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India’s children suffer discrimination in classroom Low caste pupils forced to clean toilets, sit separately

NEW DELHI, April 22, (AFP): Some Indian teachers force children from lower castes and minority religions to clean toilets and sit separately from their classmates as part of “persistent” discrimination in classrooms, a rights group said Tuesday.

Human Rights Watch said pupils from marginalised communities often dropped out of school and started working as labourers rather than face continued humiliation at the hands of teachers and principals. The 77-page study on schools was compiled through interviews with more than 160 teachers, principals, parents and students in four states which have large populations of low-caste poor, indigenous tribals and Muslims. “India’s immense project to educate all its children risks falling victim to deeply rooted discrimination by teachers and other school staff against the poor and marginalised,” said the report’s author Jayshree Bajoria. “Instead of encouraging children from at-risk communities who are often the first in their families to ever step inside a classroom, teachers often neglect or even mistreat them,” she said.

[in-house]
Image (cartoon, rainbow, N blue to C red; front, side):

Children from Muslim communities were among those often made to sit at the back of classrooms or in separate rooms. They were called derogatory names, were denied leadership roles and were served food last, the report said

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